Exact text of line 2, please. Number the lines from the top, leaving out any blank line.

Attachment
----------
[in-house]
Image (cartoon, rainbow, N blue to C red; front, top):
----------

Image (cartoon, rainbow, N blue to C red; front, top):